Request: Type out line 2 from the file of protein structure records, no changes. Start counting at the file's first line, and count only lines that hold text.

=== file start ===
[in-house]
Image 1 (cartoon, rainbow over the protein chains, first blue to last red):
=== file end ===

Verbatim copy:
Image 1 (cartoon, rainbow over the protein chains, first blue to last red):